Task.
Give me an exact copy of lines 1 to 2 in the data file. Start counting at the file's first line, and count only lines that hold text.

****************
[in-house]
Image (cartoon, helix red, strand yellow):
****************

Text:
[in-house]
Image (cartoon, helix red, strand yellow):